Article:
Post by islander Post by Josh Rosenbluth Post by islander Post by Josh Rosenbluth
Post by islander Post by El Castor
I'm already on record in this thread in complete support of Josh's
opinion regarding government regulation of speech ...
Josh ... "The line between news and opinion is far too fine for the
government to be enforcing. One of the bedrock principles of Freedom
of Speech in the USA is that we live with speech unworthy of
protection in order to make sure we do not legally proscribe speech
worthy of protection."
Are you also in complete agreement with Josh?
I agree that the line between news and opinion would be difficult
to define and therefore difficult to enforce. There are some
issues about the news media where Josh and I may disagree,
however. I dislike Fox News, for example, and rarely watch it -
my right. What bothered me immensely however, was when I went to
Florida and found that Fox News was the only news available in the
hotel where I stayed. That is a business decision and I don't
think that one news organization should be allowed to dominate the
market. Likewise, I worry a lot about the effort by Sinclair
Broadcasting to dictate what is reported in local news at stations
that they own. In those scenarios it is too dangerous to risk
allowing anyone to own exclusive rights to a media market. That
is not a free press IMV. Generally, I wish that we could find a
way to make news media immune from economic pressure. Turning
news programs into profit centers was a bad thing IMV.
Perhaps the Internet has changed this calculus? We pretty much get
whatever news we want from whatever source we want.
Post by islander
When it comes to politicians or their Super PACs or any
organization campaigning on their behalf, I think that is a recipe
for corruption. The laws against this are much too weak.
I'm with you that Citizens United and other SCOTUS decisions have
been wrongly decided.
Post by islander
Personally, I think that it is much too easy for anonymous money
to influence elections. Should Facebook, Twitter, or other social
media be allowed to sell access to their customers data? This
goes beyond politics and is fundamentally against what the
developers of the Internet intended. I have long opposed push
advertising as did the early developers.
The Internet has definitely changed the calculus, but not in a good
way. People search for information that confirms their bias and
that is easy to find, no matter how crazy you are. Sadly, education
has not kept up with the barrage of material increasingly pushed at
you on the Internet.
Could be, but that is besides my point about a possible positive
impact of the Internet. Perhaps thanks to the Internet, it's
impossible for anyone to own exclusive rights to a media market
because the Internet has done away with the concept of such a closed
You and I have disagreed before on the danger of well funded
marketing, especially in think tanks that have a political motive. I
have believed for a long time that they can be very dangerous and have
cited examples of organizations that exist only to shape public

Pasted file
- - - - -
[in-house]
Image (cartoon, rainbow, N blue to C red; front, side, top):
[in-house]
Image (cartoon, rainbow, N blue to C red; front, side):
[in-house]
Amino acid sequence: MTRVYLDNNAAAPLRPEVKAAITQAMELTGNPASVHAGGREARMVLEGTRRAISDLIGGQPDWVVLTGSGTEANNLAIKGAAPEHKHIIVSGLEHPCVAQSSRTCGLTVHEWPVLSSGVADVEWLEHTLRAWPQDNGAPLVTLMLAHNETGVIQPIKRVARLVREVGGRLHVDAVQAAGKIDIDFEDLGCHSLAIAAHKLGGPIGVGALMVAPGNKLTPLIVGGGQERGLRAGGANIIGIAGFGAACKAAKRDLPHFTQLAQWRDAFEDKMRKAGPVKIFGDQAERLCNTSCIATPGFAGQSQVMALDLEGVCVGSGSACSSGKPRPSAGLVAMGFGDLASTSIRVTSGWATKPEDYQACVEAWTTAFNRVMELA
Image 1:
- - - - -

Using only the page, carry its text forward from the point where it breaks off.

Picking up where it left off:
opinion in a way that benefits their owners financially. I have seen
them gain the appearance of respectability in universities, even
creating journals that promote their agenda.
We have now seen how popular platforms on the Internet serve the same
purpose. Microsoft put in place a mechanism for gathering profile
information about their users that they then sold to clients along
with tools for accessing and using that data. We have recently seen
where Cambridge Analytica was able to use psychographic profiles of
Americans to target messages for the Trump campaign in a way that is
questionably illegal or at least not completely above board for users
who were not aware that they were setting themselves up to be
targeted. It is claimed by the Justice Department that the Internet
Research Agency in St. Petersburg used this approach with Microsoft to
intentionally sew disruption in the 2016 election. I've mentioned
here before that I noticed this in my own news feed in Facebook.
I doubt that this is unique to Facebook. If you follow the hottest
topic in the field right now, you may have noticed all the papers that
are being published on "big data." Perhaps you have seen that when you
search for something on Amazon or Google that products which you were
looking for "chase you all over the Internet" as Tim Cook, CEO of
Apple commented in an interview on "Revolution" last week. He also
argued in that interview that using your customer's data in that way
was not moral and that Apple had specifically chosen to not do it.
Still, Apple is an enabler in the form of their Apps store and I
wonder how carefully they are screening before they release a new
App. Susan Landau, a cybersecurity expert at Tufts claims that the
Apps are full of holes.
Perhaps this is just an unwanted invasion of my privacy, but I think
that it is more likely a frightening aspect of the Internet that seems
more like *1984* than the servant that we all believed the Internet
would be - and I say that as someone who participated in that
When does free speech become public manipulation? I don't know, but I
also suspect the motives of some organizations that can use these
powerful tools for purposes that are not consistent with defending the
I don't have any answers, but I think that it is something that we did
not anticipate and that it deserves some serious thought.
described (which may or may not be negated by your negative effect).